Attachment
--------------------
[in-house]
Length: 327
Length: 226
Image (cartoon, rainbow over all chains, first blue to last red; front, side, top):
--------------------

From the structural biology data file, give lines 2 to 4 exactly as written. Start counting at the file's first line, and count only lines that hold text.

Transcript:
Length: 327
Length: 226
Image (cartoon, rainbow over all chains, first blue to last red; front, side, top):